When the body’s thermoregulation fails because of too much external heat that is absorbed, hyperthermia occurs. The extreme levels of high temperature are usually absorbed by the body more than it can generate and it is an emergency condition requiring immediate medical care. Hyperthermia needs to be treated as soon as possible to prevent death or disability. Whenever the body’s temperature reaches above 104F, it will begin to show signs of heat stroke, a prominent indicator of hyperthermia.
Administering first aid and recognizing the signs and symptoms of hyperthermia is very important, as it may save the life of a victim.
What causes hyperthermia?
There are several reasons why hyperthermia occurs, one of which is prolonged exposure to warm, dry environments, especially under direct and extreme sunlight. Aside from heat stroke, other common forms of hyperthermia include heat fatigue, heat exhaustion, heat cramps and heat syncope. In addition to these, the risk for developing hyperthermia also increases depending on the lifestyle of an individual.
Usually, not drinking proper fluids, overdressing during hot climates, living in houses without proper ventilation and too much insulation, visiting highly populated and crowded places, and walking or running under extreme heat, all increase the likelihood of hyperthermia.
There are also several medical conditions that contribute to hyperthermia such as taking medications that increase urine output (diuretics) and decrease sweating, being dehydrated, being underweight or overweight, and age-related body changes.
Warning signs and symptoms of hyperthermia
As the victim’s condition becomes worse, warning signs start to appear including irritability, confusion, nauseous, increase heart rate and pulse, headaches, and temperature starting to increase. These are the warning signs for hyperthermia that should be watched out for. Once the temperature continue to elevate more than 104F, symptoms will start to appear including muscle spasms and cramps, difficulty of breathing, dry mouth and warm skin, and possible faintness. Keep in mind that the elderly are the most prone to hyperthermia, because they may initially faint before even exhibiting other signs and symptoms.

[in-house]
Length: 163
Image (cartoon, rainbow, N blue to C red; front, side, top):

First Aid Tips for Hyperthermia
- First and foremost, it is important to move the victim to shaded, cool areas. Place the victim in a place with adequate ventilation.
- If the victim is overdressed, remove unnecessary clothing.
- If the victim is suffering from heat stroke and has fainted, call emergency assistance immediately.
- To help lower body temperature, apply ice packs or cold compress on the neck, armpits, groin and chest.
- If the victim is conscious, have him/her sip water to replenish lost fluids and help lower body temperature.
Having enough knowledge about hyperthermia is necessary to save someone’s life. It is therefore necessary to enroll in first aid courses to know more about emergency first aid provision.
Related Video On Hyperthermia:
“Heat Induced Illness.” Australian Resuscitation Council. Retrieved online on June 19, 2014 from http://www.resus.org.au/policy/guidelines/section_9/heat_induced_illness.htm
“Hyperthermia First Aid.” Free MD. Retrieved online on June 19, 2014 from http://www.freemd.com/hyperthermia/home-care-first-aid.htm